- Personal finances;
- Children or personal family life;
- Passwords, such as those for social media sites like Facebook;
- Sexual orientation and activity;
- Political affiliations;
- Religious affiliations;
- Medical history, unless pertinent to the position; and
- Drug use, though it is acceptable to request that applicants submit to a drug test.
Although certain topics are off-limits during interviews, candidates are free to discuss any topic they like without putting the employer at risk of prejudice. However, the employer shouldn’t linger or ponder the matter because doing so could result in them asking unethical questions.
What Are Some Inquiries that Employers Need Not Make?
These are just a few examples of questions that employers shouldn’t ever ask prospective employees during job interviews:
- Are you pregnant?
- What is your religious affiliation?
- What religious holidays will you need off?
- What is your political affiliation?
- What is your race or ethnicity?
- Where were you born?
- How old are you?
- Do you have any disabilities?
- Are you married?
- Do you have any children?
All of these inquiries can be viewed as prohibited.
What Limitations Apply to an Interviewer When They Want to Ask Questions About Personal Matters That Might Be Relevant to the Job?
In general, interview questions should focus on the candidate’s capacity to carry out the position’s essential duties. Any subject that is seen to be outside of that may be discriminatory.
Employers are allowed to outline the expectations of the position before asking applicants if they are capable of meeting them. However, employers are not allowed to inquire about candidates’ disabilities.
An interviewer just needs to ascertain whether or not an applicant is qualified for the position; specific reasons why an applicant is unable to perform the position are not required. For instance, it would be unlawful for an interviewer to inquire about a candidate’s original tongue.
However, it is acceptable to inquire about the candidate’s linguistic proficiency. The difference between these two is that the second question asks about abilities that can be advantageous to the organization, whereas the first question makes reference to the applicant’s country of origin.
The question of whether the candidate intends to work after becoming pregnant is another illustration of an unlawful inquiry. However, the interviewer could inquire about the candidate’s long-term professional objectives.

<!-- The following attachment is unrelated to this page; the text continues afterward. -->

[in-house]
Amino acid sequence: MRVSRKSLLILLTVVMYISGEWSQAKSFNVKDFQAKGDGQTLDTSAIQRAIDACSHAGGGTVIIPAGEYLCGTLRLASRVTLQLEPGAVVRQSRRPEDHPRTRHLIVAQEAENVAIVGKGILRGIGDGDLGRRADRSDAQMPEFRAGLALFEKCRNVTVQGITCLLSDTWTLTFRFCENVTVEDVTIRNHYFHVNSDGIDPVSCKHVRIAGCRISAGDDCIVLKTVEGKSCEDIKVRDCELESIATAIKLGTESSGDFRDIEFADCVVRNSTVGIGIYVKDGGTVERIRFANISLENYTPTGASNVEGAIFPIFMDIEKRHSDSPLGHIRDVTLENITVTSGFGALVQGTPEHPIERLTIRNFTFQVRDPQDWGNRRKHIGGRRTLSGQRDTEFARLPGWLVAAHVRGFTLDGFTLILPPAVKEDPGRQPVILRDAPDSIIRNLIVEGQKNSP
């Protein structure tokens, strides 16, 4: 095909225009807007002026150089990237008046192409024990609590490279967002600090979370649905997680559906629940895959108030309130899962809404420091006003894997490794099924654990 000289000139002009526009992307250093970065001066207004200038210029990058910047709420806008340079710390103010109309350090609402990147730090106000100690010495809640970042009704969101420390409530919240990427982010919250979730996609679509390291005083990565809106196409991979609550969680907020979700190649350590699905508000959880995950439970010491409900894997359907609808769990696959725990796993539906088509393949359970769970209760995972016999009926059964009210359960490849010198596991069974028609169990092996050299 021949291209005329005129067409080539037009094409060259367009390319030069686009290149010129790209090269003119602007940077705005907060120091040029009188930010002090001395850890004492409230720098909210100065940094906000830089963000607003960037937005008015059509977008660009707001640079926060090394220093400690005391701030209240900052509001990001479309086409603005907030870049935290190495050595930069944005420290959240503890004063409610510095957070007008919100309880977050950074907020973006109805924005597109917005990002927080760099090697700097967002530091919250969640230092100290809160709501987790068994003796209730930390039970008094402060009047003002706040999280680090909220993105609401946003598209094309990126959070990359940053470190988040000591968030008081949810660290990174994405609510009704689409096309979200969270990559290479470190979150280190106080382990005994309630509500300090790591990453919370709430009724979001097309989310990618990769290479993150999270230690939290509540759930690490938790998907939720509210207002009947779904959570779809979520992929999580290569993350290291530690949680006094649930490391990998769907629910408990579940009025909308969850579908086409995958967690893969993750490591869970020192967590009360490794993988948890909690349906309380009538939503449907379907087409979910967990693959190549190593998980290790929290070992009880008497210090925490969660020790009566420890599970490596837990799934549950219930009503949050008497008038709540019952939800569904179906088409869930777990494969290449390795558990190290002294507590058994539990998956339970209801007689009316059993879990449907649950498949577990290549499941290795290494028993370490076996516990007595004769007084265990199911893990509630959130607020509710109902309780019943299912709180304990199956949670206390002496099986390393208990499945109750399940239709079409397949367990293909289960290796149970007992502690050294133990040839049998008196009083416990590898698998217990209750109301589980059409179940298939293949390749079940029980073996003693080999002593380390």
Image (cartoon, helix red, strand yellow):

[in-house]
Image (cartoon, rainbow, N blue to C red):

What Rights Do I Have If I’m Refused Employment Because of Illegal Questions?
A complaint may be made to the Equal Employment Opportunity Commission (EEOC) if a person feels that their response to an unlawful interview question led to their employment being rejected. A person has 180 calendar days from the alleged discrimination to submit a complaint.
The Commission will investigate the accusation, which usually takes about ten months. The complainant will be sent a Notice of Right to Sue, which allows them the right to sue the employer in court if the EEOC is unable to determine whether the company violated the law.
The EEOC will attempt to seek a voluntary settlement with the employer if they believe the law may have been broken.
Do I Need a Lawyer If I Have Concerns About Employer Interview Questions?
Employment rules are particularly strict, particularly when it comes to problems like discrimination during the recruiting process. You might want to seek the help of a discrimination lawyer if you have any queries or worries about the interview process. Your attorney might analyze your company’s regulations to ascertain whether your interviewing procedure complies with the law.
Additionally, your lawyer can counsel you throughout the proceedings if you need to participate in a civil action. Use LegalMatch to find the right lawyer for all of your needs.